Robert Creighton Murphy (1827-1888)
Robert Creighton Murphy was born in Chillicothe, Ohio, in 1827. After law school he spent time with the Mexican Boundary Commission. In August 1853, he was appointed the first government-salaried U.S. Consul in Shanghai, China; he resigned in June 1857. In 1858 he moved to Wisconsin, where he managed Caleb Cushing’s interests in the Saint Croix Valley. Murphy was living in Saint Croix Falls when he was commissioned as the colonel of the 8th Wisconsin Infantry.
In the late summer of 1862, the Iuka and Corinth Operations in Mississippi included fights at Iuka, Corinth, Holly Springs, Port Gibson, Vicksburg, and other places. The Battle of Iuka was fought on September 19, 1862; it was the opening battle of the Iuka-Corinth Campaign. On the 14th, just before the battle, Colonel Murphy and his brigade were guarding the small supply depot at Iuka. He withdrew his brigade, however, when faced with a much larger enemy force. Major General William S. Rosecrans relieved Murphy and ordered him to be court-martialed for failing to destroy the supplies before leaving. Murphy was acquitted of all charges.
Later in 1862, Murphy was put in charge of another Union supply depot at Holly Springs, in northern Mississippi, a short distance from Memphis. In a raid led by Confederate Major General Earl Van Dorn on December 20, 1862, most of the garrison was captured and a large quantity of supplies was destroyed, seriously disrupting Ulysses S. Grant’s first Vicksburg Campaign plans. This time, Murphy was dismissed from the Army without a court martial, earning him a notorious reputation.
Murphy wrote to President Lincoln hoping for a hearing or court martial. Adjutant General Joseph Holt concluded that Murphy’s account of the incident was reasonable, but General Grant stonewalled until the end of the war. Murphy continued trying, unsuccessfully, for the next fifteen years to get a hearing.
Murphy died in 1888 and is buried in Congressional Cemetery in Washington, D.C.
In Fifty Years in the Northwest (UWRF Archives F 606 .F65 1888), we find the following article about Murphy.
COL. ROBERT C. MURPHY.—Col. Murphy, a man of fine address and admirable social qualities, made his home at St. Croix Falls in 1860-61 and 62, during which time he was in charge of the Cushing interest and property, which position he left to accept the colonelcy of the Eighth Wisconsin Volunteer Infantry. His military career was not fortunate and its abrupt termination was a sad disappointment to himself and friends. An article in the Milwaukee Weekly Telegraph, from the pen of one who knew Col. Murphy well, thus sums up some of the salient points in his character and career. We make a few extracts:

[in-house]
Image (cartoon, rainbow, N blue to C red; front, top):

Col. Murphy was educated and accomplished. He had been instructed in the Patridge Military School, and was possessed of some experience in Indian fights on the plains with Burnside, bearing scars of that experience, and a recommendation of skill and courage from Gen. Burnside to Gov. Randall. His great intuitiveness, his ready manner, his cultivation of mind, gained for him the respect and charity of his superiors, and brought him the respect and confidence of his regiment. His father, a native of Ireland, was a successful practicing lawyer and politician in Ohio, without much education; a man of strong natural talent and integrity. Upon his son he showered all his earnings, in the form of that which the father lacked the most—books, schooling and polish. Judge Murphy (the father) was the bearer of important dispatches to Texas from the Tyler and Polk administrations in connection with the annexation of that republic to this country, and is referred to in Benton’s ‘Thirty Years’ as Tyler’s ‘midnight messenger.’ Young Murphy was appointed by President Pierce American consul in China, while Gen. Caleb Cushing was minister to that country, and he discharged important consular and judicial duties there with credit to himself and the government. Upon his return Gen. Cushing selected him to take charge of the Cushing interest and property at St. Croix Falls, in this State. From there he went ‘to the front,’ and his military career was cut short by his failure at Iuka and Holly Springs. Gen. Grant dismissed him in brief, terse words, but was willing afterward that he should be heard by a board of army officers detailed for that purpose. Stanton was inexorable and refused.”
After his dismissal from the army he removed to Washington and accepted a clerkship in the post office department where he still remains. It is due to him to say that his own version of his military troubles is ingenious and plausible, and would, if sustained, quite exonerate him from the charges that have pressed so heavily upon him.
From The Polk County Press of August 8, 1863:
— Col. Murphy, late of the 8th Wisconsin Volunteers, was in the city yesterday. President Lincoln has assured Col. M. that in his opinion his dismissal from the service by order of Gen. Grant was unjustified by the facts, and it is probable that he will be restored to the service. The full testimony in the case was a few days since submitted to the Judge Advocate General for final determination. There can be no doubt among candid men that Col. Murphy has on all occasions discharged his duty as a soldier with fidelity and skill. — Milwaukee News.
For more on Murphy, see:
- “Robert Creighton Murphy: U.S. Consul at Shanghai, Brigade Commander, National Scapegoat,” by Eric Politzer, Newsletter of the Association for the Preservation of Historic Congressional Cemetery, Fall 2002: 4. (Available in the UWRF Archives ; and online.)
- “Thwarting Grant’s First Drive on Vicksburg: Van Dorn’s Holly Springs Raid,” by Thomas E. Parson, Blue & Gray Magazine, vol. 27, no. 3 (2010): 6-26, 42-50. (Available in the UWRF Archives E 461 .B64 v. 27 no. 3 2010)